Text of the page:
Mayor Jon Mitchell said it's "unfortunate" that the relationship between the City of New Bedford and ABC Disposal has reached the point where the City has had to take its trash collector to court, and where the company's CEO, Michael Camara, seems to have taken the lawsuit personally.

"They're a great family business, and a terrific family. It's unfortunate we are where we are," Mitchell said in his weekly appearance on WBSM.

Camara called into WBSM's Phil Paleologos Show Tuesday, and said the lawsuit was "not fair," because of the nature of the family-run business.

"I'm so upset because when you sue ABC Disposal, you sue my mother, Linda Camara, who is 83 years old," he said. "I mean, who would want their mom to be sued at 83 years old? It's just too much stress. It's not fair."

On Wednesday, Mitchell dismissed the idea that the lawsuit is personal.

"We don't do things personally," Mitchell said. "I like the Camara family. I respect the business they've built. But my obligation is not to them and their profitability. It's to the residents of the city that work hard and pay their taxes."

Michael Camara has sent letters to New Bedford and other local communities with whom his company has contracted to collect recyclables, stating that after June 30th, ABC has to raise its rates for recyclable pickup, due to a change in what China is willing to import.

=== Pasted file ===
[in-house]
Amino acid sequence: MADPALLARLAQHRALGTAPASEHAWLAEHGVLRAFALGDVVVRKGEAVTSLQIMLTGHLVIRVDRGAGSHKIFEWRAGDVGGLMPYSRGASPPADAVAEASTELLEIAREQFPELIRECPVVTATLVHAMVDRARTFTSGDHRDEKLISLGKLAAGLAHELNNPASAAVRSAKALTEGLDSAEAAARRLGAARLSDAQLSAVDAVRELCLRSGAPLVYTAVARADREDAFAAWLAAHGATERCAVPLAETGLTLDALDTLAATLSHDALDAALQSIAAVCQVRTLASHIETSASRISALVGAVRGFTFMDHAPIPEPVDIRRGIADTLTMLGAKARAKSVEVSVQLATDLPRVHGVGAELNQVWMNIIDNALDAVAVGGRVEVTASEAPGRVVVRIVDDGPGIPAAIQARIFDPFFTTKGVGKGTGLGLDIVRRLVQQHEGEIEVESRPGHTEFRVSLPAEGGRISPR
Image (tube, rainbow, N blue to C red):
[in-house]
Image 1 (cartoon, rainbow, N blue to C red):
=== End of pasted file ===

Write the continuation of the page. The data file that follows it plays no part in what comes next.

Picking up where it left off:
He maintains that footing the bill itself would cause ABC to fall into financial ruin. The communities countered by sending their own letter, reiterating their frequent request to see the company's books before they agree to a rate increase, to make sure the company would become insolvent if it doesn't get the increase.

So far, ABC has not complied, which is why New Bedford filed the lawsuit.

"As much as I can sympathize with the plight of the business, I owe it to the city taxpayers to make sure those who contract with the City are actually performing their contracts," Mitchell said. "So we were left with little choice but to take the step we took this week, which is to seek an injunction to force ABC to honor its duty under the contract."

Mitchell said he's "not closing the door on anything," and still may be willing to pay more once he sees ABC's books.

"What he's saying is, 'I'm less profitable because of what's happening in China.' And we can't just take that at face value," Mitchell said. "So you're less profitable. There are lots of reasons you could be less profitable. And frankly, you accepted the risk of becoming less profitable (when agreeing to the contract)."

"ABC went into bankruptcy before the China Sword Policy went into effect, so through some of its own business decisions, it put itself in a more precarious business position," he said.

There is a preliminary hearing Tuesday, and Mitchell said he's hopeful it would lead to ABC continuing to honor the contract, which is currently in the fifth year of a 10-year agreement.

"All I know is, my city has a contract with this company, they threatened not to honor the contract, and so we're going into court to get them to honor the contract," he said. "We're asking the judge to say, 'ABC, do what you said you would do.'"

If not, he reiterated the City would be willing to move forward with a new hauler come July 1. ABC was notified this week that the Town of Plymouth was terminating its contract with the company over the same issue, and New Bedford may follow suit.

"I'd love to have ABC continue in its role as the service provider," he said. "But if it's not ABC, it'll be somebody else."

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